Reviews

Kathy and Stella Solve A Murder! in the West End – review

The comedic show is a certified homicidal hoot

Bronté Barbé (Kathy) and Rebekah Hinds (Stella), © Pamela Raith
Bronté Barbé (Kathy) and Rebekah Hinds (Stella), © Pamela Raith

After two seasons at the Edinburgh Fringe and a couple of stops in Manchester and Bristol, Kathy and Stella Solve A Murder! rides the wave of new British musicals into the West End, alongside the likes of Operation Mincemeat, Two Strangers (Carry A Cake Across New York), Why Am I So Single? and The Curious Case of Benjamin Button. It also joins a long and illustrious line of murder mystery musicals – the most recent to entertain West End audiences being the farcically meta Curtains. Showtunes and serial murder are surprisingly snug bedfellows.

The premise here is fun and quirky – two amateur podcasters and best friend Hullensians Kathy and Stella while away the hours chewing through their favourite unsolved murder cases, only to inadvertently stumble across a murder of their own: thrusting them into the spotlight, testing their friendship and forcing them to enter into the cut-throat (sometimes quite literally) world of professional podcasting.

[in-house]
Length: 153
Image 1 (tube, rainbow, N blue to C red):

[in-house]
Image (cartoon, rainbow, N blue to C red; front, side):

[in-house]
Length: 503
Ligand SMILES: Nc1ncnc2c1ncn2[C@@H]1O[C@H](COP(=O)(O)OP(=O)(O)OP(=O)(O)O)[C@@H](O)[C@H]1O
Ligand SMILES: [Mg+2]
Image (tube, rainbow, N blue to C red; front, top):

Murder, podcasts and musicals are a potent combination (one that worked fantastically well for shows like the most recent season of Only Murders in the Building, which is pre-dated by this), and writers Jon Brittain and Matthew Floyd Jones mine the form by introducing all manner of eccentric, ominous and larger-than-life figures that soar in and out of Kathy and Stella’s investigations. There’s also a juicy, but never burdensome, through-line about the ways in which gender, true crime and online communities can intersect.

The cast, © Pamela Raith
The cast, © Pamela Raith

Like most murder mysteries, act one is the slower of the two – inevitably having to go through the motions introducing us to every possible suspect. It is accompanied by some amiable tunes courtesy of Floyd Jones, though hampered slightly by sound design that throws away some likely cracking lines and lyrics. The second half is about as pacy and as raucous as they come, and Kathy and Stella hits its stride as each ludicrous revelation lands – it’s where co-directors Brittain and Fabian Aloise (who also choreographs) really show off their talents.

Anchoring it all together are some sublime central performances from Bronté Barbé and Rebekah Hinds as the titular Kathy and Stella, with their pivotal friendship acting as the true heart of the piece. Imelda Warren-Green delivers one of the best multi-roling turns on a West End stage, while Hannah Jane Fox gets some showstopping moments of her own. All in all, it amounts to a killer addition to the musical pantheon.   

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